The Rewards and Pitfalls of Collective Impact

Collective impact (CI) is an exciting trend in the nonprofit sector within the past decade. Many organizations, often from all sectors, unite to “move the needle” on a complex social challenge like eliminating poverty or achieving educational equity. The classic article that describes CI is Collective Impact, and a leading example of a CI initiative in the Seattle area is the Roadmap Project.

At the 2014 Independent Sector conference in Seattle this week, I had the opportunity to discuss funding trends, including CI, with a group of nonprofit executives and funders from across the country. The conversation highlighted both benefits and challenges associated with the model. The following is a list of things we discussed, with some grantees organizations offering interesting specific examples of how the approach can have unintended consequences.

Benefits include:

  • Better odds of achieving systemic change through collaboration and uniting the expertise and effort of many organizations
  • Alignment of outcomes
  • Research and evaluation component to prove whether specific interventions are effective
  • Easier avenue for funders to invest in a particular area, with their pooled funding distributed by a backbone organization to a number of nonprofits doing relevant work on the issue
  • Opportunities for funders to be more highly engaged
  • Forum for diverse stakeholders to build relationships, learn from each other, think systemically and develop a more sophisticated understanding of the issue and potential solutions
  • Potential to see results more quickly since so many are applying themselves to achieving the same outcomes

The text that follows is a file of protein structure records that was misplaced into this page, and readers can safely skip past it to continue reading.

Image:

Challenges include:

  • Funders shifting funding to CI initiatives and defunding some grantees in the process. For example, many CI initiatives are place-based, so if your organization works on the focus issue outside the target area, you are not eligible for funding.
  • A substantial percentage of funding goes to the backbone organization (for convening, planning, granting and evaluation) rather than to direct services
  • Since there is a middleman, grantees may lose the opportunity to have a direct relationship with the funders
  • Funded nonprofits often face different and more demanding requirements to receive funding from the initiative than they had prior from the individual funders. Pooled funding can mean a pooled—and lengthy—list of requirements.
  • It can be very political to compete for CI dollars, and there is intense pressure on nonprofits to attend planning and coordinating meetings in order to establish relationships and be eligible/competitive for funding. This requirement to be at the table effectively shuts out smaller nonprofits with limited staffing capacity (including most organizations led by people from marginalized groups).
  • Collaboration is hard and time-consuming. Participating nonprofits are typically not directly compensated for their collaboration time.
  • Did I mention that there are a lot of meetings?

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